Maria Miller may be remembered as a minister who found herself in the wrong job at the wrong time.
Friends of the former Culture Secretary believe she would not have been forced to resign from the Cabinet if she had not been responsible for implementing the proposals to reform newspaper regulation flowing from the Leveson inquiry.
Ms Miller's resignation letter does not disguise her sense of injustice — or her belief that her fall was caused in part by her role in implementing Leveson. The original allegation over her expenses, on which she was cleared, was made in The Daily Telegraph. To add fuel to the flames, the newspaper claimed that Joanna Hindley, her special adviser, put pressure on it by “ flagging up” her boss’s role in the post-Levson discussions. Ms Hindley strongly denies that she was trying to threaten the paper.
Friends will also reflect that the 50-year-old Basingstoke MP was a lightning rod for attacks by newspapers resisting tougher regulation, that should really have been aimed at David Cameron. Downing Street, rather than Ms Miller, was calling the shots as the Government wrestled with the thorny question of whether to bring in statutory controls of the press. Significantly, Ms Miller was absent when a 2.30am deal was struck with Nick Clegg and Ed Miliband in the Labour leader's office. The Conservatives were represented by Oliver Letwin, Mr Cameron's policy chief.
Ms Miller was an advertising executive and former marketing manager at Texaco before becoming an MP in 2005. She rose quickly up the ladder, being made an opposition spokeswoman on education Mr Cameron in the year she was elected and later the shadow Minister for Families. She was made Minister for Disabled People when the Coalition was formed in 2010, winning promotion to the Cabinet as Culture Secretary and Minister for Equalities and Women two years later. Tory critics believed her ascent was due in part to the paucity of experienced women Conservative MPs. She was one of only four women in the Cabinet as Mr Cameron struggled to implement his pre-election pledge that a third of his ministers would be women. Those critics point to a lack of political judgement in her short and rather grudging apology to the Commons over her response to the expenses inquiry, saying a more contrite approach would have saved her skin.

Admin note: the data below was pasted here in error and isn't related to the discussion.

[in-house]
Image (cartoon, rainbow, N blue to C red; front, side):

Civil servants saw her as a safe pair of hands rather than someone destined for higher office, a minister more comfortable reading a brief than thinking on her feet.
As Minister for Equalities, she was responsible for steering legislation on gay marriage on to the statute book, a flagship Cameron policy she embraced enthusiastically. As with Leveson, her support for the measure may have left her with fewer friends in her hour of need; there was strong hostility to same-sex marriage on the Tory backbenches and among the party's grassroots.
In the short term at least, Ms Miller will be remembered for a row about her expenses rather than for an historic change on gay rights. Even in the long run, the credit for that may go to Mr Cameron.